Despite Mayor Eric Adams and NYPD Commissioner Keechant Sewell’s repeated attempts to tie rising crime levels to bail reforms, the numbers continue to tell a different story.
The Office of Court Administration and the Division of Criminal Justice Services recently released data that shows only 2.4% of all individuals released were rearrested on a violent felony change.
“As to what bail is designed to do, it is doing it. In New York State bail has always been meant to ensure people’s return to court and post bail reform, almost nine in ten people make it to all of their subsequent court appearances,” Arielle Reid from The Legal Aid Society’s Decarceration Project told AMNY. “Of the thousands of people who have been allowed to return home to their families, to their jobs and their children during the pendency of their cases, more than 95% of them are not rearrested on violent felony offenses.”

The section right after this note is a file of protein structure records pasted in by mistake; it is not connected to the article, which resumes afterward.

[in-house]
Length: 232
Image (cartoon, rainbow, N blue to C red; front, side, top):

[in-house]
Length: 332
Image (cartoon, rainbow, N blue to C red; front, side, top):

Legal Aid called on lawmakers in Albany to reject the Mayor’s broken record pleas to enact a “dangerousness” provision to New York’s bail statute. A “dangerousness” standard would give judges greater discretion in setting bail but advocates warn that such provisions are guesswork at best, and also discriminatory, inevitably resulting the in over-incarceration of people of color.
Last Updated: 4 August 2022
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